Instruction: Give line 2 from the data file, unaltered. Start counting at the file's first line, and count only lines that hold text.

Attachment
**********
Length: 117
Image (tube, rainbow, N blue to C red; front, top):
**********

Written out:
Image (tube, rainbow, N blue to C red; front, top):